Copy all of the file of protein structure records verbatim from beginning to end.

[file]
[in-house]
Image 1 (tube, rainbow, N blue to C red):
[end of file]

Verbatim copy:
[in-house]
Image 1 (tube, rainbow, N blue to C red):